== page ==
Kyoto seeks to rein in emissions of gases like carbon dioxide released by cars and factories. The gases are blamed for blanketing the planet and driving up temperatures.
And Sergei Shoigu, Russia's Emergencies Minister, said that climate change was likely to trigger more floods, forest fires and industrial emergencies. He said that thawing permafrost in Russia's north would destabilize buildings.
But others said that Kyoto is based on dubious science.
"I believe that the Kyoto Protocol was developed without sufficient scientific basis," said Yuri Izrael, director of Russia's climate institute.
Russia faces a choice between backing Kyoto along with its main trading partners in the European Union, or rejecting it like the United States. Kyoto will not enter into force without Russia's approval.
With bewildering predictions of the impact of Kyoto, Putin may instead be holding out for guarantees of cash from the EU and Japan.
Russia's smokestack industries have collapsed since Kyoto's baseline year of 1990, meaning that its emissions have fallen 30 percent when other rich nations are facing costly curbs. Russia can hope to export some of its spare quotas in a market that could be worth billions of dollars a year, though a U.S. pullout has undermined likely prices.
And Russia may be worried that a shift to renewable energies under Kyoto would undermine the value of its oil and gas exports. Russia is the world's biggest oil exporter behind Saudi Arabia.
Russia has a veto on Kyoto because the pact will only enter into force if nations representing 55 percent of the emissions by developed nations sign up. So far, countries representing 44 percent have ratified, Russia has a 17 percent stake and the United States 36 percent.
© Copyright 2003 Reuters Limited. All rights reserved

* * *
    newsfromrussia.com / 19:23 2003-10-21
    Russian scientist wins NATO research partnership prize

    Russian scientist Andrei Larichev has won the prize of the NATO research partnership programme.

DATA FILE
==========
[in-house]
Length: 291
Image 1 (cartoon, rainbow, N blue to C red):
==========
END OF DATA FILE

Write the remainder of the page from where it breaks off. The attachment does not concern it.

Российский ученый Андрей Ларичев получил премию НАТО для проведения исследований по созданию новой системы отображения, применяемой для изучения сетчатки человеческого глаза

Larichev works at the Laser and Information Technologies Institute, based in the town of Shatura in the Moscow region, of the Russian Academy of Sciences, RIA Novosti was told on Tuesday at the NATO information office in Moscow. Another prize winner is Dr.Leonard Otten of the Kestrel Corporation, Albuquerque, New Mexico, US.
They have won the prize for the development of a new high-resolution imaging system, used in the study of human retina. Work was done on grant from the NATO programme Research for Peace.
NATO Secretary General Lord Robertson will personally hand in the prize at the awarding ceremony in the NATO Brussels headquarters on October 22, says the communique, which has come to hand at RIA Novosti. The prize money is 10,000 euros to each winner. The sum can be used to back their further research work. They will also get a special crystal cup and a certificate.
The image quality in the Larichev-Otten system for the first time shows in the live human retina specifics earlier observed in only cut sections. Many eye diseases which deteriorate, and even cause full loss of eyesight can now be studied in the clinic, says the communique.
Two main results achieved by the researchers are, first, former military research done and methods used by Russian researchers find application in the non-military sphere; second, the new imaging device has a vast application potential for biometrics, enabling high-precision personality identification in the fight against terrorism, says the NATO information centre.